Cross Platform Component Object Model (XPCOM) is a cross-platform component model from Mozilla. It is similar to Microsoft Component Object Model (COM) and Common Object Request Broker Architecture (CORBA). It features multiple language bindings and interface description language (IDL) descriptions; thus programmers can plug their custom functions into the framework and connect it with other components.
The most prominent usage of XPCOM is within the Firefox web browser. Many of its internal components interact via XPCOM interfaces. Furthermore, Firefox used to allow add-ons extensive XPCOM access, but this was removed in 2017 and replaced with the less-permissive WebExtensions API. (Three forks of Firefox still support the legacy add-on capability: Pale Moon, Basilisk, Waterfox.)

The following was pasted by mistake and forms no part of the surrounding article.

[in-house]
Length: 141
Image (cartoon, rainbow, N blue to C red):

XPCOM is one of the main things making the Mozilla application environment an actual framework. It is a development environment that provides the following features for the cross-platform software developer:
The flexibility to reuse the XPCOM components from the Gecko library and develop new components that run on different platforms facilitates rapid application development and results in an application that is more productive and easier to maintain. The networking library, for example, is a set of XPCOM components that can be accessed and used by any Mozilla application. File I/O, security, password management, and profiles are also separate XPCOM components that programmers can use in their own application development.
XPCOM adds a lot of code for marshalling objects, and in the Netscape era XPCOM was overused for internal interfaces where it wasn't truly necessary, resulting in software bloat. This was a key reason why in 2001 Apple forked KHTML, not Gecko, to create the WebKit engine for its Safari browser.